Avoid Sleep Thieves

It is important to avoid things that are known to interfere with sleep in the hours before you go to bed. Some things that can rob you of your sleep include:

  • Alcohol
  • Stress
  • Caffeine
  • Nicotine
  • Rigorous evening exercise
  • Acidic foods that might cause stomach upset
  • Heavy, fatty, or greasy meals
  • Candy or high-sugar snacks
  • Spicy foods

Also, be cautious about drinking too much water or other fluids before bedtime. Having to wake up multiple times each night to use the bathroom can also cut down on your sleep quality and quantity.

Create a Nightly Ritual

Your body loves habits, and by creating a habit—or ritual—that is strongly associated with sleep, your body will know what to do when you get into bed.

Set a bedtime and create a routine that you stick to every night.

A good sleep routine starts with establishing a regular bedtime and wake time. In other words, you should go to bed at the same time each night and wake at the same time each morning. Other elements of your sleep routine might include:

  • Prepare for sleep: Find a way to wind down each night, whether it's spending a few minutes reading a book or relaxing in a warm bath. The key is to follow the same routine each night before you go to sleep.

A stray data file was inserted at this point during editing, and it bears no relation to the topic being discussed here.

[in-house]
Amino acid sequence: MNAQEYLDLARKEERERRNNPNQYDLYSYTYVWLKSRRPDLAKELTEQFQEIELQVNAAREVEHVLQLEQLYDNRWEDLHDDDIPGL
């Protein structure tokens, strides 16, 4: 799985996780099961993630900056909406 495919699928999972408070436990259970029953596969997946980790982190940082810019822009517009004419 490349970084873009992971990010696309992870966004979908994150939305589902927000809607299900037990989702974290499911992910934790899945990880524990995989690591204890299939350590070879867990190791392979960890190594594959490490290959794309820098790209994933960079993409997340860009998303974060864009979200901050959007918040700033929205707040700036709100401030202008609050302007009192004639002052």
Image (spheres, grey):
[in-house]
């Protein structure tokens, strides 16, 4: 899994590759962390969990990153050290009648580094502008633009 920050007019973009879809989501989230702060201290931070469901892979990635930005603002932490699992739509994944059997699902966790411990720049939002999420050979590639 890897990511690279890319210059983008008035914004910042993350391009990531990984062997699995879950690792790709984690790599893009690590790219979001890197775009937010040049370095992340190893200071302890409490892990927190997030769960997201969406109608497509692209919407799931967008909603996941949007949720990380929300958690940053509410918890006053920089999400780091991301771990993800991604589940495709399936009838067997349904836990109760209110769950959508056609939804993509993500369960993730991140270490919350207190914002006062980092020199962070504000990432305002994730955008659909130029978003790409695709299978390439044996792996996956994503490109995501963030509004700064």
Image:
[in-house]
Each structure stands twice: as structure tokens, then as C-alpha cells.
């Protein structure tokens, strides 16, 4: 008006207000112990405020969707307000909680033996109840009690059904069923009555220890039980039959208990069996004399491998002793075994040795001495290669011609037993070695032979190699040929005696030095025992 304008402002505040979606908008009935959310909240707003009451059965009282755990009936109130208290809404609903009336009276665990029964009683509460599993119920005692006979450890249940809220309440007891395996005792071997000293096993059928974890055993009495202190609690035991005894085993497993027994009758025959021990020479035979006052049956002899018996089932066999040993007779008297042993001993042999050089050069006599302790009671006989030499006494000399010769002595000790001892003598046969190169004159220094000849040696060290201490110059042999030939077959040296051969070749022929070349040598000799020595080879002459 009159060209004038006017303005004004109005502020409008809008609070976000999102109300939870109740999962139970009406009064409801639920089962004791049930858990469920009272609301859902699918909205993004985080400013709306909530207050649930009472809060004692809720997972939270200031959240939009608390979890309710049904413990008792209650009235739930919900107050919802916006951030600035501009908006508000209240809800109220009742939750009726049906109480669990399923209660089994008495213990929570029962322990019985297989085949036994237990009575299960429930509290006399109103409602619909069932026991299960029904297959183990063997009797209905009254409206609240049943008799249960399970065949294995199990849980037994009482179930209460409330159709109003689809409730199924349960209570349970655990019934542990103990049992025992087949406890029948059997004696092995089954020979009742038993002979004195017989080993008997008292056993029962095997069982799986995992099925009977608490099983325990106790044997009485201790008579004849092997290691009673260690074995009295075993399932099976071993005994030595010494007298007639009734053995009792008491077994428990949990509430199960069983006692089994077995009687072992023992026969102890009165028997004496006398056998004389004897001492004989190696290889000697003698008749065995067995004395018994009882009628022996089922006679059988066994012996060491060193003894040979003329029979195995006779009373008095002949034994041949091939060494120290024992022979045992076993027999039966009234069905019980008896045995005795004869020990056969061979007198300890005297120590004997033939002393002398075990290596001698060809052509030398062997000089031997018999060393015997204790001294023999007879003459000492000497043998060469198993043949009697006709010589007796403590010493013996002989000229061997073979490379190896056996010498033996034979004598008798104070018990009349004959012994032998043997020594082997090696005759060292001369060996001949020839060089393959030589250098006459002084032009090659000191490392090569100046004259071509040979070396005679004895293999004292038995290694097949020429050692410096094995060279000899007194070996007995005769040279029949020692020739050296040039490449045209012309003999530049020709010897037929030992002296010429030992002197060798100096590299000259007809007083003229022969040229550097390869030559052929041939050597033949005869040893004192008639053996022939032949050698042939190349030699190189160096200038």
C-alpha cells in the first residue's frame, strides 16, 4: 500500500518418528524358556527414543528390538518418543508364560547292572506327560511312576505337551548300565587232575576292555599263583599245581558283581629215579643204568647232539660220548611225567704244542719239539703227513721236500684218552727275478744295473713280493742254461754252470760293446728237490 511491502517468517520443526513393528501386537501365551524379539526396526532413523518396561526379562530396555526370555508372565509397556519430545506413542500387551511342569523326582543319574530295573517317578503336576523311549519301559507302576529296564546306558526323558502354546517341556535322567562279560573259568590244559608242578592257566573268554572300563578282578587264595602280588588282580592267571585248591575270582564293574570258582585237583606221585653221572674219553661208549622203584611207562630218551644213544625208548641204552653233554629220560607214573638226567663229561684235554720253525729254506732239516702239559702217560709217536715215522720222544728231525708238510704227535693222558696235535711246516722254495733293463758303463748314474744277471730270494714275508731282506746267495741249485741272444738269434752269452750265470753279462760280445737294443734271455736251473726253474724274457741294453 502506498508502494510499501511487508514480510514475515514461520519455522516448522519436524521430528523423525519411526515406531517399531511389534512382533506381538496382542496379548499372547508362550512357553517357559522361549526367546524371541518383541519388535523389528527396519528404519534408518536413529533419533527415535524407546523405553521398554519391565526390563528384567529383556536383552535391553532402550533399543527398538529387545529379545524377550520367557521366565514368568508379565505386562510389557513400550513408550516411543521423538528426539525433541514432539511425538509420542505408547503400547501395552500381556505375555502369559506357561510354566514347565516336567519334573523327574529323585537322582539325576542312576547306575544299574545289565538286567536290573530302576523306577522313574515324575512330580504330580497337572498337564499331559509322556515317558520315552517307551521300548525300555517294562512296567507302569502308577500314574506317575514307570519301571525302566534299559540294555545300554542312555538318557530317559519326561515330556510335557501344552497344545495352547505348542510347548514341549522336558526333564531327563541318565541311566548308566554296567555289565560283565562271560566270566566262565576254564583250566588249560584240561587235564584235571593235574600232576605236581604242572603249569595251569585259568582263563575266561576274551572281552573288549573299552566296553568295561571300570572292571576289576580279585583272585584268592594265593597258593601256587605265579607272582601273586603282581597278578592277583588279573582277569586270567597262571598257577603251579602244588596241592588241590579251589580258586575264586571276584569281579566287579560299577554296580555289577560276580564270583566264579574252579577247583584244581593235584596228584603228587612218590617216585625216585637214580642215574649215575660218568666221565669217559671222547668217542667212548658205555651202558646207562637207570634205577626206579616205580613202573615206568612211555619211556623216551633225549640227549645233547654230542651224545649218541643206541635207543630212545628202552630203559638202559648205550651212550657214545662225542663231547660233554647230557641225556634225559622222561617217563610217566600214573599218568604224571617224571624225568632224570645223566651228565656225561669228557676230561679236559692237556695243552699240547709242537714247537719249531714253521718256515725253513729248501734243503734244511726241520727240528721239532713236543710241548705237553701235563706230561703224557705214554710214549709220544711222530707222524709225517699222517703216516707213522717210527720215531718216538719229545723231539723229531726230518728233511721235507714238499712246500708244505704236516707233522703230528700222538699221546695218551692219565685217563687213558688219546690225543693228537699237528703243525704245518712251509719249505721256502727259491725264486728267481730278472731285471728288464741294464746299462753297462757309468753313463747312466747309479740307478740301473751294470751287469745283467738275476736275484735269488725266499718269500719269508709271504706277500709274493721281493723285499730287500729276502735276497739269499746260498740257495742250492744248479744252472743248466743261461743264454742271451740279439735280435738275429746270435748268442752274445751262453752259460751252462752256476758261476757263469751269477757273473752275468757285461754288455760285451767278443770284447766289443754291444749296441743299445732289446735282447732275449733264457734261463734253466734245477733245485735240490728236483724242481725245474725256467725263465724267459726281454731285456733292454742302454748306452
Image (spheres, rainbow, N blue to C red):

• Create a comfortable environment: Your sleep space should be comfortable. Make sure you have enough bedding and set your thermostat to a comfortable temperature—you don't want to be too hot or too cold.
  • Ease into it: While you should start establishing a routine right away, dramatic changes to your sleep schedule can make it harder to fall asleep fast. If your new routine represents a major change in your sleep habits, work your way up to it. Go to bed a little earlier each day and wake up a little bit earlier each morning until you've reached your goal schedule.

A Word From Verywell

After a few weeks of consciously improving your sleep behaviors, you should be able to fall asleep within minutes. This will add hours of extra sleep each week without changing your daily schedule. You’ll feel more energized, be healthier, and be better able to avoid illnesses and health conditions.

If you've given these methods a good try and your sleep still doesn't improve, you might have sleep disorder and should consider seeing a sleep doctor.

5 Sources
Verywell Mind uses only high-quality sources, including peer-reviewed studies, to support the facts within our articles. Read our editorial process to learn more about how we fact-check and keep our content accurate, reliable, and trustworthy.
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  3. Park SY, Oh MK, Lee BS, et al. The effects of alcohol on quality of sleepKorean J Fam Med. 2015;36(6):294-299. doi:10.4082/kjfm.2015.36.6.294

  4. Liao Y, Xie L, Chen X, et al. Sleep quality in cigarette smokers and nonsmokers: Findings from the general population in central ChinaBMC Public Health. 2019;19(1):808. doi:10.1186/s12889-019-6929-4

  5. National Institutes of Health. In brief: Your guide to healthy sleep.